"Elections are a futures market for stolen property"

9/6/15
Esuric:

drunkmodeler123123: Esuric: drunkmodeler123123: Esuric: Standard bullshit you hear from investment bankers. They think that just because their job isn't intellectually stimulating then no job in finance is.
How's life in the Big 4 man?
Why don't you have the balls to post on your actual account, you pussy?
easy there bud. so easy to get you all riled up. sorry you don't like accounting...

Yeah, that's what I figured. Run along now.

that you don't like your accounting job? i would't be happy either after doing an MSF and landing that role. it's cool though you can throw shade on IBDers. make sure you hold down the fort here in WSO though while we go work on real cool deals n stuff.

happy to answer any questions you may have about banking or the industry as well. know its kind of tough to get a handle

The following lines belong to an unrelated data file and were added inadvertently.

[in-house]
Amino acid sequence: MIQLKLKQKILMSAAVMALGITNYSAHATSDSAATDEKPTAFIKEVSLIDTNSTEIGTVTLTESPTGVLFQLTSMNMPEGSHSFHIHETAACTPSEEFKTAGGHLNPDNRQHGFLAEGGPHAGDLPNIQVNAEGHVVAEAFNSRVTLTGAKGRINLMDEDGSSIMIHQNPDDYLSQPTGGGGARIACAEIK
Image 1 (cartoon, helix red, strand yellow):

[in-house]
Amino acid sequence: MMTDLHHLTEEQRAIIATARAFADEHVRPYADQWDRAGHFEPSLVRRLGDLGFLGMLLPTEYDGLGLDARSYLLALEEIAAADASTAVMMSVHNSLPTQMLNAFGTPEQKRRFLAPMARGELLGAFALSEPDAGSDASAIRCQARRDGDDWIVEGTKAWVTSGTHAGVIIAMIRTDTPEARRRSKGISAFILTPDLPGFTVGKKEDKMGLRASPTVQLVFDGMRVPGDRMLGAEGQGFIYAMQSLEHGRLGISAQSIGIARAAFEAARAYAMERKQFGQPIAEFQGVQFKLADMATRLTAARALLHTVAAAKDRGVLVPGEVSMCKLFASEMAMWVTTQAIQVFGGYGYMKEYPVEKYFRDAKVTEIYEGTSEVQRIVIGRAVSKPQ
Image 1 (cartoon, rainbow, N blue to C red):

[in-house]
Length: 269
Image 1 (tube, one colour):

on for outsiders. let me know when you might want to catch up

9/6/15
drunkmodeler123123:

Esuric: drunkmodeler123123: Esuric: drunkmodeler123123: Esuric: Standard bullshit you hear from investment bankers. They think that just because their job isn't intellectually stimulating then no job in finance is.
How's life in the Big 4 man?
Why don't you have the balls to post on your actual account, you pussy?
easy there bud. so easy to get you all riled up. sorry you don't like accounting...
Yeah, that's what I figured. Run along now.

that you don't like your accounting job? i would't be happy either after doing an MSF and landing that role. it's cool though you can throw shade on IBDers. make sure you hold down the fort here in WSO though while we go work on real cool deals n stuff.

happy to answer any questions you may have about banking or the industry as well. know its kind of tough to get a handle
on for outsiders. let me know when you might want to catch up